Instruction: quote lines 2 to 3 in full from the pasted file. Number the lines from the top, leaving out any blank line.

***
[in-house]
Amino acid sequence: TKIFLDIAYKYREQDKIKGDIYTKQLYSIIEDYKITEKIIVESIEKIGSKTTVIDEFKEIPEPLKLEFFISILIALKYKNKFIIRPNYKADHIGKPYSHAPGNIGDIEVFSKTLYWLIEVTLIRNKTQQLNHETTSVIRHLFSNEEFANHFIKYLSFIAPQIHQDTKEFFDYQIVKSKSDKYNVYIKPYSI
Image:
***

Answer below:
Amino acid sequence: TKIFLDIAYKYREQDKIKGDIYTKQLYSIIEDYKITEKIIVESIEKIGSKTTVIDEFKEIPEPLKLEFFISILIALKYKNKFIIRPNYKADHIGKPYSHAPGNIGDIEVFSKTLYWLIEVTLIRNKTQQLNHETTSVIRHLFSNEEFANHFIKYLSFIAPQIHQDTKEFFDYQIVKSKSDKYNVYIKPYSI
Image: